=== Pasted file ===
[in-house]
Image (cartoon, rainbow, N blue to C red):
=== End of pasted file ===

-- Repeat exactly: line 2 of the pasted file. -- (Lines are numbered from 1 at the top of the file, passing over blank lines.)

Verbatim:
Image (cartoon, rainbow, N blue to C red):